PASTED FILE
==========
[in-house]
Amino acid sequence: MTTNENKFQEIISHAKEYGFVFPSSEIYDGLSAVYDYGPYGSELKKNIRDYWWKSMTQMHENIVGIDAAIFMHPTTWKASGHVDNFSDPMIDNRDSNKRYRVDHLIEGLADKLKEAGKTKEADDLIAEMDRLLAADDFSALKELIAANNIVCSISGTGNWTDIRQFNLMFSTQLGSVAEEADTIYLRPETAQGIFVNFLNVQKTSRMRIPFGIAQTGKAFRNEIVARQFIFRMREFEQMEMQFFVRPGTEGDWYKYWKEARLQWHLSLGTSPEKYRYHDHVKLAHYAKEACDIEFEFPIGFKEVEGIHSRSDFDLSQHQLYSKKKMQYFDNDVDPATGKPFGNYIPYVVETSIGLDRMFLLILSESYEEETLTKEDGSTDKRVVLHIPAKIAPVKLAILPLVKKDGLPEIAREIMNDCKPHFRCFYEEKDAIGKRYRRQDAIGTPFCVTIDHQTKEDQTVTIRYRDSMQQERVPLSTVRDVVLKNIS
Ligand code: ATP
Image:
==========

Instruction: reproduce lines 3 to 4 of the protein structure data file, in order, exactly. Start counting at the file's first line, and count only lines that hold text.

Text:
Ligand code: ATP
Image: